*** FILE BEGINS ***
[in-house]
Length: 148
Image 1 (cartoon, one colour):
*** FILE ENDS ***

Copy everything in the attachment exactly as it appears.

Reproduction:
[in-house]
Length: 148
Image 1 (cartoon, one colour):